Don’t tax beer in Wisconsin

An increased beer tax in the state will negatively affect breweries, bars and consumers.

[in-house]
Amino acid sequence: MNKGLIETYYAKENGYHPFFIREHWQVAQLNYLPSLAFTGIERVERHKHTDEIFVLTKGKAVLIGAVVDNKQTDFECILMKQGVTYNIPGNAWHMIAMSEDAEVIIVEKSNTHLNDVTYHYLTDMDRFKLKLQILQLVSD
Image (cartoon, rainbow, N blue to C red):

Unfortunately, it seems like politicians in Madison are once again pushing for an increase in the stateâÄôs beer tax. Gov. Jim Doyle is, thus far, against any such measure, though Rep. Terese Berceau, D-Madison, the driving force behind the bill, has been slowly mustering forces backing the beer tax hike. Although the increase would be very slight -âÄî it would actually amount to little more than an additional 2.5 cents for a 12 oz. bottle âÄî it could actually be quite detrimental to WisconsinâÄôs economy. While it does not seem like a big deal, a low beer tax actually helps WisconsinâÄôs economy. Currently, Wisconsin has one of the lowest beer taxes in the nation at six cents per gallon âÄî or $2 per barrel of beer. Now, how does this help Wisconsin? Breweries âÄî which have to pay taxes in not only the state where they brew the beer, but also the state where they sell the beer âÄîbenefit much more if they brew their beer in states with low beer taxes. Thus, they are able to pass along the savings to consumers and price their beverages more competitively. An increase in the beer tax will in turn negatively impact bars and taverns, which must in turn increase their prices. Berceau has also been sending mixed signals when it comes to the tax. On one hand she says that the increase is so slight that âÄúif you drink a six pack a day, at the end of the week, you will have paid an additional dollar in taxes.âÄù Fair enough, but then she goes on saying that with the higher cost of beer, hopefully teenagers will have a harder time purchasing alcohol. Really? A two and a half cent increase per bottle of beer will give teens a harder time purchasing it? Berceau is simply trying to appeal to whomever she can to push this poor idea through. Although the tax may help to fund programs to reduce alcoholism and drunk driving, stricter laws can do the same without hefty price tags. An increased beer tax can do little but further injure an already crippled Wisconsin economy. This column, accessed via UWire, was originally published in The Daily Cardinal at the University of Wisconsin. Please send comments to [email protected]